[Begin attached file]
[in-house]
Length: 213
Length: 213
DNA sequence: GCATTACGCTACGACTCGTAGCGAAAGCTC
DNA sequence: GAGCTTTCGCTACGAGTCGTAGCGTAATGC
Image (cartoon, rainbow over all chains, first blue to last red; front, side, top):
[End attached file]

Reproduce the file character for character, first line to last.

[in-house]
Length: 213
Length: 213
DNA sequence: GCATTACGCTACGACTCGTAGCGAAAGCTC
DNA sequence: GAGCTTTCGCTACGAGTCGTAGCGTAATGC
Image (cartoon, rainbow over all chains, first blue to last red; front, side, top):